Cleanest school to be named in November

National 2 minutes, 59 seconds


THE Ministry of Education will award winners of the first nationwide school cleanliness competition in November.

Over 115 primary and 37 secondary public schools are competing in the contest.

In a recent interview, Director of Schools Datin Dr Hjh Asmah Hj Morni said the results of the competition would be announced in November to ensure schools are able to sustain their cleanliness until end of the year.

Conducted by the department’s Health Promotion Unit, the competition would be divided into seven categories, including for schools in interior areas.

“Every school differ from one another, you cannot pair an urban school and a remote rural school to compete against each other,” Datin Dr Hjh Asmah said.

Although specific prizes were not confirmed, she said cash money was not likely and cleaning equipment such as water jets may be awarded instead.

She went on to day that the contest was organised as part of the National Schools Cleaning Carnival, and to mark 100 years of formal education in the sultanate.

The director-general said the carnival and competition were hoped to create a conducive environment that stimulates effective teaching and learning.

“Once this environment is established, the teachers can focus on teaching and students on learning, rather than worrying on how unclean the school is,” she said.

However, she acknowledged that cleaning itself requires time.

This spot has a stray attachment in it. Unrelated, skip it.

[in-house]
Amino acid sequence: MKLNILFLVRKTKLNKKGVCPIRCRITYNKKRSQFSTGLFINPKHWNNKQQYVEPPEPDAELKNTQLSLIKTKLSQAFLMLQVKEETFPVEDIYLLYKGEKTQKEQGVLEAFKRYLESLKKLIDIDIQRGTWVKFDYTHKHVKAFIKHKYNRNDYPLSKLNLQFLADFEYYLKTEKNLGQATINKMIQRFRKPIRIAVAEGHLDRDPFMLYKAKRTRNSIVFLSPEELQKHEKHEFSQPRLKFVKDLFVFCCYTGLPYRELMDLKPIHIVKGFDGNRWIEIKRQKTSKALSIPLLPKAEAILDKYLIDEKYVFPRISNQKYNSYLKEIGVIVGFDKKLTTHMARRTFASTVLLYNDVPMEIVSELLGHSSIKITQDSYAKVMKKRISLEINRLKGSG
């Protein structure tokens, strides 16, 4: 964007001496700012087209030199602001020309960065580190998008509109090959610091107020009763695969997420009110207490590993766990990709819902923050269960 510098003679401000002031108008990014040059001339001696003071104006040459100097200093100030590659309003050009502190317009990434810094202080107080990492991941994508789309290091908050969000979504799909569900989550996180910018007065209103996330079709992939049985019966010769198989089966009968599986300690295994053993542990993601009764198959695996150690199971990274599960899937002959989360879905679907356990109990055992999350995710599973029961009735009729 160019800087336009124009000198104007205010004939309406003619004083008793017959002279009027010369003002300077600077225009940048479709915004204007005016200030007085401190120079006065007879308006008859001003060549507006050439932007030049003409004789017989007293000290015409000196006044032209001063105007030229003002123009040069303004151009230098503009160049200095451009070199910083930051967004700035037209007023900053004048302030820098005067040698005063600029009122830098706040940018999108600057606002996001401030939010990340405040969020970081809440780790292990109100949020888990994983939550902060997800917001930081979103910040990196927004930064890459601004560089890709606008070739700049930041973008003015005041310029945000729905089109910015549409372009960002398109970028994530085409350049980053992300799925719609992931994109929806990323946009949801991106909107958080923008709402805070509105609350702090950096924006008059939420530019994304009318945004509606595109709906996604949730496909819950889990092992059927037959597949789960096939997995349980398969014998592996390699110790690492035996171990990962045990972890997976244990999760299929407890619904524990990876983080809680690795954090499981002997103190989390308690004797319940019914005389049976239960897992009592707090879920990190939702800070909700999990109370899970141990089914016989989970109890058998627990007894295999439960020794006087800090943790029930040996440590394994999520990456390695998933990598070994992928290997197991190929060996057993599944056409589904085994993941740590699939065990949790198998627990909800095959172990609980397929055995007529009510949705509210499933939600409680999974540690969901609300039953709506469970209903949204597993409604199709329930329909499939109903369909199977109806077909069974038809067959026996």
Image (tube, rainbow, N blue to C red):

“I always remind principals to make sure their school is clean but if you don’t enable them the time to clean up – then how can they?” she said.

“Some teachers work so much and by the time they reach their table, finish their marking, they would be too tired at the end of the day,” she added.

Early this June, Datin Dr Hjh Asmah sent a memo for all schools to hold a cleaning carnival before the holidays.

She said the carnival’s reception was promising, as principals from various schools sent photos to her on how much their schools had done.

In some schools, they cleaned prayer hall carpets, used water jets, and cut overgrown tree branches.

Based on what she saw, she said it is possible for schools to clean up provided that time is given.

The director said there lingered a mindset among some parents who do not value cleanliness activities, adding that they send their children to school to study and not clean.

“But to me, cleaning is part of the curriculum and I don’t see it as a waste of time,” she said.

“Education is very dynamic and learning comes in different forms, for example, there’s teamwork, problem-solving and how to clean up and communicate with one another.

“It’s already there, embedded in these activities are all these social development and I know learning takes place because they also learn about a culture of cleanliness,” she added.

Asked whether cleanliness correlates with academic achievement, the director-general said cleanliness was merely one of the factors.

“That’s the beauty of education, it’s dynamic, unpredictable and you cannot improve education by just a linear process – it must be a simultaneous process,” she said.

“You cannot depend on cleanliness itself; parents’ involvement, students’ initiative and how much support teachers are given – all these variables help towards increasing students’ results.”

She further said school clean-ups should not only begin when there’s a visit from His Majesty the Sultan and Yang Di-Pertuan of Brunei Darussalam or any high-level visit.

“I hope the competition can encourage schools to always be clean – and when you’re already clean then you need not worry about last minute clean-ups,” she said.

The Brunei Times